How much radioactive radiation is harmful?



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Radioactive particles reach Europe: How much radiation is harmful?

After radioactive particles from Japan, according to the Austrian Federal Environment Agency, have also reached Europe, more and more people in Germany are also wondering from which radiation exposure negative health effects can be expected.

The meltdown in at least one Japanese nuclear power plant releases radioactive particles that reach Europe with the wind. The German Central Institute for Meteorology and Geodynamics (ZAMG) reports that minimally increased radioactivity has already been registered in Iceland. However, the values ​​measured in Reykjavik were only minimally above the detection limit and the limit in Germany of a maximum of one millisievert (mSv) was significantly undercut, explained the ZAMG.

Background radiation leads to natural radiation exposure In general, every person is exposed to a certain degree of radiation from natural radioactive substances in the air, water and soil, the ZAMG experts emphasized. Every German is exposed to around 2 millisieverts annually due to the natural background radiation. In addition, according to the Federal Office for Radiation Protection, medical examinations such as X-rays cause an average radiation exposure of around 2 millisieverts per inhabitant in Germany. Other factors - such as a place of residence near a nuclear power plant - can trigger further radiation exposure. In the past, however, the radiation caused near the German nuclear power plants was on average less than 0.01 mSv and is therefore harmless to health, according to the Federal Office for Radiation Protection. According to the Radiation Protection Ordinance, a limit of 20 mSv per year applies to people who have to deal with radioactivity for professional reasons, such as employees of a nuclear power plant, in exceptional exceptional cases, 50 mSv.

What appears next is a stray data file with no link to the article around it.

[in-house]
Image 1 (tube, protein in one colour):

Measurement unit for radioactive radiation exposure The measurement unit Sievert is used internationally to measure radiation exposure, whereby not only the energy absorption by the body but also the energy delivery to the body cells is taken into account. Because the different forms of radioactive radiation - alpha, beta or gamma radiation - work extremely differently, which is reflected in the corresponding Sievert information. Sievert vividly represent the biological effect of radioactive radiation on humans, animals or plants, whereby a Sievert is already a very large radiation dose, which can lead to considerable damage to health. According to the Federal Office for Radiation Protection, changes in the blood picture, nausea and vomiting, hair loss, fever and damage to the genetic material are possible consequences in the range of one to six Sievert. A radiation exposure of seven Sievert is already fatal if no medical countermeasures are taken. Radiation exposure to more than 20 sieverts inevitably leads to the death of those affected within two days. However, the current measured values ​​(less than a thousandth of the permissible limit of one millisievert) are far from the proven harmful doses. However, according to the experts, there can unfortunately be no absolute safety in radiation protection. Because just as a cigarette can trigger lung cancer in the worst case, negative health effects are conceivable even with minimal radiation exposure.